This is my perspective on how we need to educate children for their futures not our pasts. It is a personal view based on my experiences in education and feedback from the European projects I have been involved in.
They are not in any particular order. Of course, most aspects I list cannot be viewed as individual facets but affect each other and often duplicate.
Really interested in your comments on these thoughts, do I go far enough, what else would you include? I purposely have not directly mentioned technology as I see technology as basic tools, that can be used in the processes described here.
1. Autonomy – to build responsibility
Autonomy transfers the responsibility for learning to the learner, places the learner in control. This should be an evolving, individualized, process that starts from the beginning of education by providing simple, supported, choices. This would evolve, as the learner develops, in to more choice, more personally directed work, more autonomy.
The concept, also instilled from the start of the process, is that the learner must understand why they must have education with examples of what education can bring, and what can happen without education. They need to see the big picture of what it is all for.
The aim is to produce learners than can self-direct themselves in a responsible manner, for ends that they desire.
See also, Self-criticism, below.
2. Personal relevance – as opposed to rigidly adhering to a class, school, authority curriculum
This concept starts with the premise that every child will not need the same knowledge as the next. Clearly there is a base every child must have, but in my entire life, for example, I have never had to calculate the area of a circle or use Pi, I have had to become strong in mental arithmetic, simple algebra, understand statistics, but calculus never.
Let’s look at children as individuals not as groups. That educational success is not just a set of test scores but a preparation for an individual’s life, not just societies perceived needs based on 20 century requirements. We need students prepared for the future digital world.
3. Collaboration – as against competitive, individualized testing
Learning to collaborate and work in teams is an essential skill to learn, also that every member of the team must contribute.
Knowledge has become so deep and atomized that we need ways to be able to bring the parts together to solve problems and build innovative solutions. It goes further, in my opinion we need experts in bridging profession and academic fields, who can act as links between the fields.
Todays individual testing regimes do not include the ability to utilise group intelligence. Instead it leads to rigorous teaching to the test that is no preparation for the realities of the future.
4. Self-criticism – rather than standardized remote criticism
To attain autonomy that is relevant , structured and efficacious the learner must be capable of self-analysis and criticism. This can also be part of the collaborative process were the group learns to become proficient and non-personal in their appraisal.
Self-criticism is best learnt from failure, but today pass and fail are the maxims of education, instead of being only part of the process. As others have said, there is no such thing as failure in education but just steps on the way to success.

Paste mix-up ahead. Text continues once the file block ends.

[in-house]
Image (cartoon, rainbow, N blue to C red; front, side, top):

Students need to understand how to analyse their work, criticise and improve, and most importantly, be happy with what they have achieved. Again this should start from the earliest schooling as a basic part of the learning methodology.
5. Autodidacts – against spoon-fed learning
I have a fondness for autodidacts, being one myself (see the name of this blog). The reality is that we need all our learners to be autodidacts, as no one has a clue what skills and knowledge they will need in their futures.
Learning to learn, is categorically the most important skill we can teach in education today.
Today’s system is almost totally tied in to the, ‘Spoon feeding mode’ with teachers and text books. This will not work in to the future.
How? I trust in group intelligence, initially throw the students a problem above their level, let them collectively solve the problem. They will. We saw this beautifully in a European project were primary children were asked to build automata without having any preparation in understanding the mechanisms required.
6. Creative and emotional – cold and formal
If we want to teach, we must engage children. A cold, logical, approach, especially of subjects that do not interest the individual, is ineffective and boring. No one, young or old, likes learning subjects they find uninteresting. Why do we expect children too, just because its for their own good, that’s patronising and does more harm than good.
There are many ways to make learning engaging, we know that the arts and music are great tools and effective ways to retain knowledge.
We need to find each child’s passion, if that is satisfied their whole learning experience is improved, of subjects they like and don’t like.
7. No stress – stress
Some individuals respond well to stress, though studies show that the quality of their work, may diminish. For most of us stress is damaging and lowers efficiency and results. A search on Google for, “Effect of stress in the workplace” brought up 1,270,000 results, its a major issue. Yet we bombard children, more and more, with stressful pass/fail tests.
Breaks between lessons are reduced, school time extended, more homework given. We pile the stress on the children. Can we not understand that the damage stress does to working adults, is the same, if not worse on children that have fewer resources to cope.
Younger children go to school for the breaks, ask them, and give them. Just this once I will quote Finland, 15 minute breaks, every hour. The shortest school year, little homework, very little testing. They do OK, why can’t we?